Technology News Headlines for June 22 2012 ( Friday )

Rumored Details For Microsoft's Tablet PC Surface: $599 Price Tag, Wi-Fi Only
Details about Microsoft's new Surface tablet are trickling out. Sources have told Bloomberg that the tablets will be Wifi-only and thus won't run on mobile networks, playing to the traditional PC side of the tablet's character. During the announcement of the Surface, Microsoft was mum on exact pricing, but now TheNextWeb has heard that the price for the Windows RT model will start at $599 (as much as the 32GB new iPad), with the Windows 8 Pro version starting costing about $999.

Flipboard Social News Reader, An iOS Favorite, Storms Onto Android
Flipboard's iPad app, which launched in 2010, and its iPhone app, which came out a year later, were runaway hits. Now the social news reader app is finally ready and available for the Android market. That means anyone with an Android phone, Kindle Fire, or Nook in the U.S can get the free app from Google Play, the Amazon Appstore, the Barnes and Noble Nook store, and Samsung's app store.

Flipboard, which racked up over 1 million downloads in its first week on the iPhone, has found a favorite partner in Samsung: the app will come pre-installed as a standard app in the new Galaxy SIII smartphone.

Earlier this week, Google's Bradley Horowitz named Flipboard as one of the first users of the expanded Google+ API. Now, YouTube and Google+ subscriptions are fair game on the reader, with +1-ability built into the app. Flipboard is also expanding its local edition lineup. Germany, Korea, Italy, Spain, and the Netherlands will join local editions Flipboard already has outside the U.S. in France, China(with Renren and Sina Weibo integration), Australia, Canada, and the U.K.

Nintendo Super-Sizes The 3DS Game Console

Nintendo has been trying to expand the market for its 3DS handheld game system, and now they have done so quite literally--by increasing the size of the device. Nintendo CEO Satoru Iwata has revealed that the existing game console will be joined by a 3DS LL (XL in the U.S.) which has a larger 4.88-inch top screen alongside a 4.18-inch bottom touch screen. That's about an inch larger than the existing machine's display, and compares to leading-edge Android smartphones and even Samsung's monster 5-inch Galaxy Note. It's also a little bigger than the rumored 4-inch iPhone for 2012. These smartphone devices have transformed the handheld gaming market, and threaten Nintendo's future in this particular game. The 3DS XL will arrive in America on August 19th for $200.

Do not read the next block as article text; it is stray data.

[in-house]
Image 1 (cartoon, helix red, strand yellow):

Kickstarter Launches A New Live Stats Page So Anyone Can Track Projects' Funding
Kickstarter launched a live statistics page today on which anyone can view all kind of data behind both successful and unsuccessful projects across the different categories, cofounder Yancey Strickler wrote in a blog post. In addition to the usual Kickstarter facts, such as how much money backers have contributed to projects ($261 million to date), you can now also access stats such as how many projects have failed to reach their funding goal (31,722, of 60,786 total) and how many have never even raised a cent (more than 7,000). Last month, Kickstarter garnered some media scrutiny for actively preventing failed projects from being indexed by search engines, which Strickler later told TechCrunch was a practical move, as "it would expose the creators of unsuccessfully funded projects to unnecessary criticism from the web."

Google-backed Endangered Language Project Helps Preserve Dwindling Dialects
Google is backing a cultural initiative to help preserve more than 3,000 dwindling languages around the world. The Endangered Language project is backed by and maintained by the Alliance for Language Diversity. According to the group, half the world's 7,000 languages are at threat of disappearing over the next 100 years. The new website is a worldwide record of more than 3,000 languages at threat, with information on programs that are working to keep them alive. Through the website, the cultural conservation group hopes to serve as keepers of the dying tongues, and serve as a resource for other groups who are battling to preserve local lingos.
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